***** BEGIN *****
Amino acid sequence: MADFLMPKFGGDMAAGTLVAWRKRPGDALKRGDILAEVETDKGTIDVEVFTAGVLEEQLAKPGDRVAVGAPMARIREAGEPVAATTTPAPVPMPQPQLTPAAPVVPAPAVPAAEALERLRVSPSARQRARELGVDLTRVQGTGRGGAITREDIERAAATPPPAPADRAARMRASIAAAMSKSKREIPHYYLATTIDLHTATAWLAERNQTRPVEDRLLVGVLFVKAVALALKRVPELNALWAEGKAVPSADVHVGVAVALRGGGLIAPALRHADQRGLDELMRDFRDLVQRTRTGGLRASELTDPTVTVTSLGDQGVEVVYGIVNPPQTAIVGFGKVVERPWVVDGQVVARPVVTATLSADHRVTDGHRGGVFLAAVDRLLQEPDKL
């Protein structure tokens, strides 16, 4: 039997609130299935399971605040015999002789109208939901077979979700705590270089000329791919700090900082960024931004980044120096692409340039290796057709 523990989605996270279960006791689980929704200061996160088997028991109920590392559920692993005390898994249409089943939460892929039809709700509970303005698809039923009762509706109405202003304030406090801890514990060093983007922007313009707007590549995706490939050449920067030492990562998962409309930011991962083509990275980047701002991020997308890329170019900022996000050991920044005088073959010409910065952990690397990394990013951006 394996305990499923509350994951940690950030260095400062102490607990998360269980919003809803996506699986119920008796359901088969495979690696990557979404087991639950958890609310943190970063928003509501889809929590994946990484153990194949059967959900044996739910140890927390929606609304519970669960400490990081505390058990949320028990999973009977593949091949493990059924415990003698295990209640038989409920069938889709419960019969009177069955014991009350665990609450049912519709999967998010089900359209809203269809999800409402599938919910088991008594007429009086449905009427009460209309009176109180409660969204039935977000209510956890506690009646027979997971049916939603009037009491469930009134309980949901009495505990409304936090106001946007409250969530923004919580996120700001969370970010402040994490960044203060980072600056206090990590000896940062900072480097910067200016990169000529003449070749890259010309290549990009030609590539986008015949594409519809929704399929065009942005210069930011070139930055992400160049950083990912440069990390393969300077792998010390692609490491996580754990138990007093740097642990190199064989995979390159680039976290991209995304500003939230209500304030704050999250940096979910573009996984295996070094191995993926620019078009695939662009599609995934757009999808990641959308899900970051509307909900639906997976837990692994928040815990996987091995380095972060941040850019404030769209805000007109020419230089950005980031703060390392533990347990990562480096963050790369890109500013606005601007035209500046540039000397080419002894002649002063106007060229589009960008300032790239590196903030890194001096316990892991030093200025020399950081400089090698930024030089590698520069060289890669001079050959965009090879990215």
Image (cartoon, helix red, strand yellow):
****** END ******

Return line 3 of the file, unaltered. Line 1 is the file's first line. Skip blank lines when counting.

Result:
Image (cartoon, helix red, strand yellow):